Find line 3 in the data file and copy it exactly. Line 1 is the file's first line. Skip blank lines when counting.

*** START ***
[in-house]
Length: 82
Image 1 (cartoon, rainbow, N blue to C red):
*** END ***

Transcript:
Image 1 (cartoon, rainbow, N blue to C red):